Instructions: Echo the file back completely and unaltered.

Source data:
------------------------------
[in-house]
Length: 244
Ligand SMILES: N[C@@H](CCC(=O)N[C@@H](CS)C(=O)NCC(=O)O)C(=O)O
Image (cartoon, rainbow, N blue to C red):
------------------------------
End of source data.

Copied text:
[in-house]
Length: 244
Ligand SMILES: N[C@@H](CCC(=O)N[C@@H](CS)C(=O)NCC(=O)O)C(=O)O
Image (cartoon, rainbow, N blue to C red):